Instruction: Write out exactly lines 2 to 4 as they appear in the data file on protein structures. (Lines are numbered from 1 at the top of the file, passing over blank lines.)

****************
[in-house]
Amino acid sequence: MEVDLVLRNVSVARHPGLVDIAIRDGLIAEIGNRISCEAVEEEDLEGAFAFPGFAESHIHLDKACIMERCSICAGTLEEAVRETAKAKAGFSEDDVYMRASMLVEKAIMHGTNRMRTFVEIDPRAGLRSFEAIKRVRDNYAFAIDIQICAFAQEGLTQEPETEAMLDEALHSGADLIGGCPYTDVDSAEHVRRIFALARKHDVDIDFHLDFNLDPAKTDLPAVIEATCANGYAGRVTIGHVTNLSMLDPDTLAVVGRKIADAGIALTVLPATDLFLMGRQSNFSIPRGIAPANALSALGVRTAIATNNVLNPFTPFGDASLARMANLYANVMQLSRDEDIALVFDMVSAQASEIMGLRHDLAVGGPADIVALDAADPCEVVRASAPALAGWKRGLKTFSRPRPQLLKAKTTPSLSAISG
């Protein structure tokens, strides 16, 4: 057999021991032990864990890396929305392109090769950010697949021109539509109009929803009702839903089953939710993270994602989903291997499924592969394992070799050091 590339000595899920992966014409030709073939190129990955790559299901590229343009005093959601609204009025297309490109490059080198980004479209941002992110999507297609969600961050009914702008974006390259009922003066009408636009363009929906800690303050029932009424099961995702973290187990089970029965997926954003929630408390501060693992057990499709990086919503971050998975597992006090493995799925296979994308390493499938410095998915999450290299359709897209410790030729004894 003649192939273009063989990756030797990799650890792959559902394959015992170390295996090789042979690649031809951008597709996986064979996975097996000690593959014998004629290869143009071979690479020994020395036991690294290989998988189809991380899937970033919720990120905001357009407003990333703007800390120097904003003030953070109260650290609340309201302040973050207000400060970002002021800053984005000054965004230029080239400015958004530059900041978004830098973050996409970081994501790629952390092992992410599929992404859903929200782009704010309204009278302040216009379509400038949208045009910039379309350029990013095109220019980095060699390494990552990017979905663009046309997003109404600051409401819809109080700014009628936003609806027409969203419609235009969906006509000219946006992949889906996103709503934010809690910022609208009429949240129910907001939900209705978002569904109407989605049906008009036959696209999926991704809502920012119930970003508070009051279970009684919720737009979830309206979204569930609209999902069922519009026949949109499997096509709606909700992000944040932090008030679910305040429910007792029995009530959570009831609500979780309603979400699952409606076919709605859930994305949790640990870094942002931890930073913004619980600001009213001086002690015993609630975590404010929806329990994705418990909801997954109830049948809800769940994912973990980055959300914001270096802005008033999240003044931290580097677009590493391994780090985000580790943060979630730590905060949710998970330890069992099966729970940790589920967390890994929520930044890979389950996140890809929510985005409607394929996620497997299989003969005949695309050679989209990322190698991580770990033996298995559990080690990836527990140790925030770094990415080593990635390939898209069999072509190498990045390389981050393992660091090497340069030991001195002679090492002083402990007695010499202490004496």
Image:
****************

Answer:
Amino acid sequence: MEVDLVLRNVSVARHPGLVDIAIRDGLIAEIGNRISCEAVEEEDLEGAFAFPGFAESHIHLDKACIMERCSICAGTLEEAVRETAKAKAGFSEDDVYMRASMLVEKAIMHGTNRMRTFVEIDPRAGLRSFEAIKRVRDNYAFAIDIQICAFAQEGLTQEPETEAMLDEALHSGADLIGGCPYTDVDSAEHVRRIFALARKHDVDIDFHLDFNLDPAKTDLPAVIEATCANGYAGRVTIGHVTNLSMLDPDTLAVVGRKIADAGIALTVLPATDLFLMGRQSNFSIPRGIAPANALSALGVRTAIATNNVLNPFTPFGDASLARMANLYANVMQLSRDEDIALVFDMVSAQASEIMGLRHDLAVGGPADIVALDAADPCEVVRASAPALAGWKRGLKTFSRPRPQLLKAKTTPSLSAISG
């Protein structure tokens, strides 16, 4: 057999021991032990864990890396929305392109090769950010697949021109539509109009929803009702839903089953939710993270994602989903291997499924592969394992070799050091 590339000595899920992966014409030709073939190129990955790559299901590229343009005093959601609204009025297309490109490059080198980004479209941002992110999507297609969600961050009914702008974006390259009922003066009408636009363009929906800690303050029932009424099961995702973290187990089970029965997926954003929630408390501060693992057990499709990086919503971050998975597992006090493995799925296979994308390493499938410095998915999450290299359709897209410790030729004894 003649192939273009063989990756030797990799650890792959559902394959015992170390295996090789042979690649031809951008597709996986064979996975097996000690593959014998004629290869143009071979690479020994020395036991690294290989998988189809991380899937970033919720990120905001357009407003990333703007800390120097904003003030953070109260650290609340309201302040973050207000400060970002002021800053984005000054965004230029080239400015958004530059900041978004830098973050996409970081994501790629952390092992992410599929992404859903929200782009704010309204009278302040216009379509400038949208045009910039379309350029990013095109220019980095060699390494990552990017979905663009046309997003109404600051409401819809109080700014009628936003609806027409969203419609235009969906006509000219946006992949889906996103709503934010809690910022609208009429949240129910907001939900209705978002569904109407989605049906008009036959696209999926991704809502920012119930970003508070009051279970009684919720737009979830309206979204569930609209999902069922519009026949949109499997096509709606909700992000944040932090008030679910305040429910007792029995009530959570009831609500979780309603979400699952409606076919709605859930994305949790640990870094942002931890930073913004619980600001009213001086002690015993609630975590404010929806329990994705418990909801997954109830049948809800769940994912973990980055959300914001270096802005008033999240003044931290580097677009590493391994780090985000580790943060979630730590905060949710998970330890069992099966729970940790589920967390890994929520930044890979389950996140890809929510985005409607394929996620497997299989003969005949695309050679989209990322190698991580770990033996298995559990080690990836527990140790925030770094990415080593990635390939898209069999072509190498990045390389981050393992660091090497340069030991001195002679090492002083402990007695010499202490004496």
Image: